The Rights of Account Holders
- Elgar Financial Law series
Chapter 3: Transfers of intermediated securities, finality and security interests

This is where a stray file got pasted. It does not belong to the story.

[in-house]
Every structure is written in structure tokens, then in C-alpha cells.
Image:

One of the fundamental rights of account holders is to transfer their securities. Outright transfers, such as sales, are typically completed by book entries whereby the account of the transferor is debited and the account of the transferee is credited. However, book entries are equally utilized by creditors that receive credits of encumbered securities to their accounts. Both types of transfers are effectuated by intermediaries in the same way banks execute payment orders of their depositors. The purpose of this chapter is to analyse the mechanics of transfers and their effects on the rights of account holders. Transfer is an act that changes the owner or fragments the rights to the security. It is functionally equivalent to the delivery of an asset that occurs upon or after the conclusion of a purchase agreement. Transfer may be accomplished differently depending on the type of asset being transferred. Transfers of securities add an extra layer of complexity resulting from the various forms of the holding systems. On the one hand, while transfers of securities in a direct holding system may involve an issuer that registers the names of transferees and issues new certificates, transfers in intermediated holding systems do not require any entries on the issuer's books. The common feature for transfers of all forms of securities, irrespective of the type of holding, is the assistance of the transferor who transmits an order to the intermediary to cause the security to be transferred.
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